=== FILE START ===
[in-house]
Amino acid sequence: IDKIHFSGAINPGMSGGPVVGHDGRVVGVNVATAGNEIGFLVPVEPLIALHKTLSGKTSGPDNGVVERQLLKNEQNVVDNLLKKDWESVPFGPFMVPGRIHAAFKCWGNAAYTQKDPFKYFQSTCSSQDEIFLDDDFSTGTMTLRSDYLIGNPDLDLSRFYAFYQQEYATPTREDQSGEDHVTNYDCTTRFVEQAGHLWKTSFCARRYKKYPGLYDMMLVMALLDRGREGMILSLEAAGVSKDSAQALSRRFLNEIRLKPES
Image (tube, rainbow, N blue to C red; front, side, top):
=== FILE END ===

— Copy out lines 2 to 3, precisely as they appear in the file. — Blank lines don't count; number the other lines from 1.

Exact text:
Amino acid sequence: IDKIHFSGAINPGMSGGPVVGHDGRVVGVNVATAGNEIGFLVPVEPLIALHKTLSGKTSGPDNGVVERQLLKNEQNVVDNLLKKDWESVPFGPFMVPGRIHAAFKCWGNAAYTQKDPFKYFQSTCSSQDEIFLDDDFSTGTMTLRSDYLIGNPDLDLSRFYAFYQQEYATPTREDQSGEDHVTNYDCTTRFVEQAGHLWKTSFCARRYKKYPGLYDMMLVMALLDRGREGMILSLEAAGVSKDSAQALSRRFLNEIRLKPES
Image (tube, rainbow, N blue to C red; front, side, top):